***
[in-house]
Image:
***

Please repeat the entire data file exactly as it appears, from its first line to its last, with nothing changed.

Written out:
[in-house]
Image: